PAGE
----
'No Side Wins in Trade War' – Economic Researchers on US-China Trade Relations

© REUTERS / Jonathan Ernst/File PhotoDelegates listen to opening remarks by China's State Councilor Yang and US Deputy Secretary of State Burns at a session of the S&ED in Washington
Delegates listen to opening remarks by China's State Councilor Yang and US Deputy Secretary of State Burns at a session of the S&ED in Washington - Sputnik International
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The recent positive developments in resolving the trade dispute between Washington and Beijing that were achieved at the last G20 summit have recently been put at risk by the arrest of Huawei's chief financial officer in Canada on a US warrant. Sputnik has asked two economic experts about the prospects of the US-China trade war in this context.

Claude Barfield, a former consultant to the office of the US Trade Representative and researcher on international trade, believes that the US won't be able to solve the trade deficit problem by imposing tariffs. The researcher insisted that the trade balance is more dependent on the internal economic policy, rather than trade. If this policy isn't fixed, then the trade deficit with China will just "migrate" to trade with another country, according to the researcher.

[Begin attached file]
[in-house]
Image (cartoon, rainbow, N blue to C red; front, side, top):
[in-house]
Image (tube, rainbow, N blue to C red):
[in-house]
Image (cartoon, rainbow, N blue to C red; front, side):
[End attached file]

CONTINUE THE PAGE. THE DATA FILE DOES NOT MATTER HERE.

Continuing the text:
"If you don't save enough to cover your investments and consumption [which] we haven't done for 40 years, then someone else will do it for you. So if we change the bilateral trade deficit with China it would just go somewhere else", Barfield said.

On Economic Effects of Trade Deficit

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Kevin Dowd, British professor of finance and economics at Durham University Business School, argued that one should practically ignore the trade deficit as an irrelevant indicator.

"Trade deficits or surpluses merely reflect flows of goods versus assets and governments shouldn't meddle with them. Frankly, it would help if people didn't report them either", he said.

When commenting on possible consequences of the trade war for the US and China, the experts agreed that both states would suffer from it more or less equally. Barfield said that Trump's tariffs would add to the economic challenges standing before Chinese President Xi Jing Ping, such as slowing growth and exports, but noted that they would also affect many economic sectors, not only in China.

"They both have a huge amount to lose. A trade war is bad for everyone", Kevin Dowd added.

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Both experts also agreed that it's hard to establish a reliable connection between a large trade deficit and unemployment. Barfield brought up statistics showing that the US trade deficit rose between the 1980s and the first years of the 2000s, with unemployment figures reaching massive heights. But at the same time, some 20 million jobs were created under the Clinton administration despite the rising trade deficit in 1990s.

Dowd pointed out that a trade deficit could also mean that foreigners are investing in the country's economy, thus creating new jobs. He summed up that it would be hard to assess the overall impact of a trade deficit on jobs.